6705 Rockledge Drive, Suite 900
Bethesda, Maryland 20817
Telephone: (301) 581-0600
Fax: (301) 493-0752
Incorporated: 1986 as Coventry Corporation
Sales: $3.6 billion (2002)
Stock Exchanges: New York
Ticker Symbol: CVH
NAIC: 621491 HMO Medical Centers
What makes us unique in the competitive health benefit marketplace? We focus on doing the basics of our business better than other companies by maintaining financial security, upholding high quality standards, promoting provider choice, providing superior customer service and being innovative in all areas of business. We commit to do all of this with the highest degree of integrity.
1986: Coventry Corporation is founded in Nashville, Tennessee.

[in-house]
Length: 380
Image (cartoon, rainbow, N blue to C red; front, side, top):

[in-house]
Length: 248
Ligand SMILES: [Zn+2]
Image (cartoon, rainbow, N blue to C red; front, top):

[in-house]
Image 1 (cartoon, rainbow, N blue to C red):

1988: HealthAmerica Pennsylvania Inc. is acquired.
1991: The company goes public.
1998: Coventry merges with Principal Health Care, and moves headquarters to Bethesda, Maryland.
2000: WellPath Community Health Plans is acquired. Health Care merger. Principal Health Care of Illinois was sold to First American Group for $4.3 million cash, and Principal Health Care of Florida Inc. was sold to Blue Cross Blue Shield of Florida, Inc. for $95 million in cash. In addition, in December 1998 Coventry acquired Healthcare America Plans, Inc., which was then merged with the operations of Principal Health Care of Kansas City, Inc. For the year, Coventry generated more than $2.1 billion in revenues. Although it posted a loss of $11.7 million, the company, after digesting the Principal Health Care merger, was clearly poised for strong growth.